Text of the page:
Terminally ill Brit fulfills dream, records iTunes hit
Posthumous success

Terminally ill Brit fulfills dream, records iTunes hit

Encouraged by his family, Mike Jacobs overcame his fears to make a song written over 30 years ago a reality. Now, following his death, it has become widely popular

Mike Jacobs (YouTube screenshot)
Mike Jacobs (YouTube screenshot)

A British Jewish man has posthumously fulfilled a decades-long dream of recording a hit single.

Mike Jacobs, a business director who died of esophageal cancer on New Year’s Eve at 62, had written songs for years, but never had the courage to record them.

But when he was diagnosed with terminal cancer in 2017, his family convinced him to record one of them. He chose a song he had written over three decades ago while feeling brokenhearted over a breakup.

That song, “Stay,” has now risen near the top of iTunes charts, and on Tuesday this week achieved the number 6 spot in the UK.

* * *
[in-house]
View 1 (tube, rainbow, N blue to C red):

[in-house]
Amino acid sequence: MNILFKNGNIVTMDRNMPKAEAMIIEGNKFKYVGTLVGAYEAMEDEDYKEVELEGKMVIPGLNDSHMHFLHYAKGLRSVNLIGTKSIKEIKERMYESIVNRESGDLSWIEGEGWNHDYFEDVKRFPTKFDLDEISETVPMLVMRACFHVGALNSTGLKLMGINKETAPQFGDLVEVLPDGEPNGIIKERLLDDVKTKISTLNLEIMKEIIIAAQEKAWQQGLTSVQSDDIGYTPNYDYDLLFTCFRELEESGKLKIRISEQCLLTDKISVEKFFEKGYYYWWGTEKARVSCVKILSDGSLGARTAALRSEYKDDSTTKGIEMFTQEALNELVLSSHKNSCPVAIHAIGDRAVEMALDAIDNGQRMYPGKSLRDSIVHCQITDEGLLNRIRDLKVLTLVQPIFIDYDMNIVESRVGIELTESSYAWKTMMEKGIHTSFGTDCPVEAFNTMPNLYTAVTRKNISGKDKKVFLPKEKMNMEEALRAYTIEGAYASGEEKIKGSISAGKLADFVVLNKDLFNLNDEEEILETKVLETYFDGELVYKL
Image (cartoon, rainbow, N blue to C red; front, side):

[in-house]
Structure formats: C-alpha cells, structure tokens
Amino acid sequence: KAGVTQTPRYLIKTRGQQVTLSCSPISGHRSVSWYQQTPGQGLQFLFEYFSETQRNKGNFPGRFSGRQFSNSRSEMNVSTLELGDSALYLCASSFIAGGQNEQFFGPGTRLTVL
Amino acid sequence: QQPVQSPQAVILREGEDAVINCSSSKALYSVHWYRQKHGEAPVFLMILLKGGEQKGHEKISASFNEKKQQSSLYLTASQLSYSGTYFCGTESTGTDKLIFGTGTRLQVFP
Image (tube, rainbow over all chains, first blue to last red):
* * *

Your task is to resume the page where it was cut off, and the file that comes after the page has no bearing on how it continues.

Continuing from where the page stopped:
Son Josh told the UK’s Express: “He used to write songs but no one ever heard them. They were really for me and my sister, Lauren. We used to love singing along to them in the car.”

“For 30 years he never did anything with them. He struggled with his confidence, so he didn’t want to put himself out there,” he said.

When Mike’s diagnosis arrived, Josh pushed for his father to record the song.

“I wanted the last few months of his life to be the happiest they could be,” he said. “I wanted him to enjoy himself as well, even though a lot of the recording was delayed because he was so unwell.”

The song was first played on the radio on December 20, and Mike was able to hear himself 11 days before his passing.

“He was too ill at that point to make it to the studio so I went and did the interview,” Josh told the Jewish Chronicle. “But I spoke to him afterwards and he was crying uncontrollably.

“He wrote the song over 30 years ago and it was about the heartache caused by a break up. But today it has a different meaning. It can be seen as a song about dad leaving us.”

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